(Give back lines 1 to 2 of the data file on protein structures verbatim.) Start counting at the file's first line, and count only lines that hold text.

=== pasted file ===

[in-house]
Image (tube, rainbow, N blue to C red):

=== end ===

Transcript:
[in-house]
Image (tube, rainbow, N blue to C red):